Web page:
Presentation on theme: "Utilization Patterns of Erythropoiesis Stimulating Agents Prescribed for Chemotherapy-Induced Anemia, and the Impact of the Outpatient Regimen on Subsequent."— Presentation transcript:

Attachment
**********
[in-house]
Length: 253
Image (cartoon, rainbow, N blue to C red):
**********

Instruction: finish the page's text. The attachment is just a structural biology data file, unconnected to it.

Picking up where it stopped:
Utilization Patterns of Erythropoiesis Stimulating Agents Prescribed for Chemotherapy-Induced Anemia, and the Impact of the Outpatient Regimen on Subsequent Inpatient Use: A Pilot Study. John Reitan, PharmD; 1 Arletta van Breda, RN; 1 Patricia Corey-Lisle, PhD, RN; 2 Ze Cong, PhD; 2 Sanatan Shreay, PhD 2. 1 RJM Group, LLC ; 2 Amgen Inc. BACKGROUND METHODS OBJECTIVES RESULTS CONCLUSIONS DISCLOSURES Supportive therapy to treat anemia due to concomitantly administered myelosuppressive chemotherapy (CIA) with erythropoiesis stimulating agents (ESAs) involves considerable resource utilization. ESA regimens that decrease the number of interventions needed to maintain adequate hemoglobin may be beneficial for clinicians and patients. The primary objective is to characterize ESA usage in institutional outpatient oncology centers that have included every week (QW) and every-three-weeks (Q3W) ESA dosing in their outpatient ESA guidelines, and to describe the frequency of ESA doses, and hemoglobin determinations during courses of ESA therapy. A secondary objective is to compare rates at which inpatient ESA doses are administered to patients receiving ESAs on QW versus Q3W schedules. Study Description: Retrospective observational record review. Conducted in 2 outpatient cancer clinics in the Mid- Atlantic and Southeast United States. Selection of Participants: Eligible sites are those using ESAs on both QW and Q3W schedules. Eligible patients are those >18 years of age, receiving chemotherapy for a solid tumor, who initiated an ESA regimen between August 1, 2007 and June 30, 2009. Data Collection Follow-up continued as long as the patient was maintained on his/her original ESA regimen, or until death, change to an alternative ESA schedule, or termination of the ESA course (i.e., 42 days elapsed since the last ESA dose). All inpatient admissions were noted, and inpatient ESA dosing, hemoglobin and transfusion administration were recorded from the inpatient record. Statistical Analysis: Baseline characteristics were compared using using Students t-test, Chi Squared, or Wilcoxon rank sum test, as appropriate. Differences in rates of utilization between QW and Q3W groups were assessed using Students t-test or Chi Squared, as appropriate. RESULTS A total of 312 patients were eligible for inclusion (219: Q3W, 93: QW). Age and duration of follow-up were similar for the Q3W and QW groups. The mean number of outpatient ESA doses per patient was lower among patients on the Q3W schedule (4.4 versus 8.3, p<0.01). The number of hemoglobin determinations were also lower among patients on the Q3W schedule (12.3 versus 14.6, p=0.03). There was no difference in mean pre-ESA hemoglobin (9.9g/dl for both groups). Patients receiving ESAs on a QW schedule twice as likely to receive at least one inpatient ESA dose (15% versus 7%, p=0.05). The number of inpatient ESA doses was 27 per 100 patients receiving the QW regimen versus 8 per 100 patients receiving the Q3W regimen (p=0.04). In this pilot study of outpatient ESA use, it appears that the use of longer-acting ESAs (Q3W) may be associated with reduced frequencies of 1) hemoglobin determinations and 2) ESA doses required. Q3W dosing may reduce inpatient utilization of ESAs, by reducing the number of ESA doses required for previously maintained outpatients. As this was a pilot investigation, further scrutiny of these findings, with a larger study is warranted. Authors of this presentation have the following to disclose concerning possible financial or personal relationships with commercial entities that may have a direct or indirect interest in the subject matter of this presentation: John Reitan: Nothing to disclose Arletta van Breda: Nothing to disclose Patricia Corey-Lisle: Employee and stockholder Amgen, Inc. Ze Cong: Employee and stockholder Amgen, Inc. Sanatan Shreay: Employee and stockholder Amgen, Inc.